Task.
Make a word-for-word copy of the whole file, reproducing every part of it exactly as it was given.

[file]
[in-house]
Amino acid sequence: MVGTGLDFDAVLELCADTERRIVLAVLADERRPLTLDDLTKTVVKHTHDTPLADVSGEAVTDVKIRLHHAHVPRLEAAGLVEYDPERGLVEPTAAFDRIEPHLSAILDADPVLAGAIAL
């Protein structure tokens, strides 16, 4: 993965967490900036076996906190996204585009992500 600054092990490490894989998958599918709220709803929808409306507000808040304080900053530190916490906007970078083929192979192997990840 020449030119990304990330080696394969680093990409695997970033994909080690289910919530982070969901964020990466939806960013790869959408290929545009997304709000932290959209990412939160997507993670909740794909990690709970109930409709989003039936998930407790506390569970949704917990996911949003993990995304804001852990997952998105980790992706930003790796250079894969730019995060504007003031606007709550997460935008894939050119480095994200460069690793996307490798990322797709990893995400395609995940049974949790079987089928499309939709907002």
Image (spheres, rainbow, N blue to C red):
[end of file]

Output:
[in-house]
Amino acid sequence: MVGTGLDFDAVLELCADTERRIVLAVLADERRPLTLDDLTKTVVKHTHDTPLADVSGEAVTDVKIRLHHAHVPRLEAAGLVEYDPERGLVEPTAAFDRIEPHLSAILDADPVLAGAIAL
């Protein structure tokens, strides 16, 4: 993965967490900036076996906190996204585009992500 600054092990490490894989998958599918709220709803929808409306507000808040304080900053530190916490906007970078083929192979192997990840 020449030119990304990330080696394969680093990409695997970033994909080690289910919530982070969901964020990466939806960013790869959408290929545009997304709000932290959209990412939160997507993670909740794909990690709970109930409709989003039936998930407790506390569970949704917990996911949003993990995304804001852990997952998105980790992706930003790796250079894969730019995060504007003031606007709550997460935008894939050119480095994200460069690793996307490798990322797709990893995400395609995940049974949790079987089928499309939709907002």
Image (spheres, rainbow, N blue to C red):